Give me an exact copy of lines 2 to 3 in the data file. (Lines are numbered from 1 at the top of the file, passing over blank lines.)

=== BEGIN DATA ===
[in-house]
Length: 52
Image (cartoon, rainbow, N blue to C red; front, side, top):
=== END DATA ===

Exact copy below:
Length: 52
Image (cartoon, rainbow, N blue to C red; front, side, top):